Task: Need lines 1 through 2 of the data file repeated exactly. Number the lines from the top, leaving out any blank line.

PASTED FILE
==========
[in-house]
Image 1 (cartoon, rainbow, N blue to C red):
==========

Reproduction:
[in-house]
Image 1 (cartoon, rainbow, N blue to C red):